Increasing the content of either Er3+ or Bi always leads to reduction of τEr and increase of τBi. This reflects that energy transfer occurs predominantly from Er3+ to Bi rather than in the other direction. With increasing Bi, ηEr→Bi increases from 28.91% to 49.31%. This seems contradictory to the observed increase in the intensity of the Er3+-related emission band after co-doping. To dissolve this discrepancy, the electronic structure of both species must be considered (Fig. 4 ). Consulting Fig. 3A, absorption at 808 nm greatly increases after co-doping. That is, the absorption coefficient rises from about 0.5 cm−1 for GA0B0.5E to about 2.46 cm−1 for GA0.5B0.5E (compared to a value of 2.75 cm−1 in singly-doped GA0.5B0E). This is taken as one of the main reasons for the enhancement of Er3+-related emission intensity: pumping at 808 nm lifts electrons to the excited state at 12376 cm−1, corresponding to 4I9/2 in Er3+ and the second lower excited state ES2 in Bi. In a first assumption, we may estimate that the exitons partition equally on both states, i.e. half occupy 4I9/2, half ES2. If interaction between both states was neglected, Bi-related emission from GA0.5B0.5E would then approximately decrease to ~50% as compared to singly-doped GA0.5B0E. At the same time, Er3+-related emission would be ~2.5 times more intense as compared to GA0B0.5E. In reality, for GA0.5B0.5E, Bi-related emission was found to decrease by about 20% as compared to GA0.5B0E (Fig. 3B), accompanied by the already noted 10-fold increase in Er3+-emission. This is taken a clear evidence for direct interaction between ES2(Bi) and 4I9/2 (Er3+).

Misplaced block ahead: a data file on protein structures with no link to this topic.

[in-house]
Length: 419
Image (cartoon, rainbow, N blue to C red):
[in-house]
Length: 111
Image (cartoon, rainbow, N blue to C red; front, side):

Bi-codoping leads to a decrease in τEr from 5.05 ms to 3.17 ms, and an increase in τBi from 410 μs to 421 μs (Table 1). Noteworthy, 4I11/2 and 4I13/2 of Er3+ are partially overlapping ES1 of Bi (Fig. 4). This provides two principle paths for depopulating 4I13/2 and simultaneously populating ES1 of Bi: (1) energy exchange between 4I11/2 and ES1 by cross relaxation CR1, and (2) energy exchange between 4I13/2 and ES1 by cross relaxation CR2 (Fig. 4). Decreasing τEr results in decreasing probability of excited state absorption on 4I13/2, and, consequently, suppresses upconverted emission from Er3+. The latter is supported by the experiment as shown in Fig. 5 .